Within a couple days of launch, the mobile app Pokémon Go had built a player base numbering in the tens of millions.

The media quickly turned on the fear machine, cranking out numerous stories designed to scare parents and drive ratings.

Be Afraid. Be Very Afraid.

It started with reports of robberies in Missouri. It continued with an idiotic driver playing the game in Baltimore.

If you just stick to the viral media posts, it’s a game that will get you into fights, tased, and arrested.

Needless to say, within the now 100 million+ players, there are a handful of idiots. The question is, why must the media machine turn every possible positive story into a hurricane of fear and worrying?

After all, the fact that a small company like Niantic was able to surpass Twitter in active users in a couple weeks is miraculous. The fact that millions of overweight teens and young adults (myself included) have taken to walking hundreds of miles is about as feel-good as you can get.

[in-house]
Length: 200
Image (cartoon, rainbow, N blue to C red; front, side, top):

Instead, we get an avalanche of stories about lawsuits and noise complaints, as if everywhere an app user goes, a raucous dangerous crowd is sure to follow.

Yes, there are obviously cases in play here where folks are behaving badly. Arrests also happen at nearly every major concert or sporting event in the nation, but the media seldom bombards us with stories about every DUI pickup related to music.

It’s because this is new, and new provides the media an opportunity to create fear.

Oh Wait, Don’t Be Afraid.

Never mind the Pokémon Go players who helped the cops nab a man with an outstanding warrant for attempted murder. That story’s viral reach was limited compared to the Missouri robbers.

Never mind the players who reported fires that may have otherwise devastated churches and homes. Those stories got a casual local mention and never hit the big papers.

Focus on the fear, media, because there are ads to sell.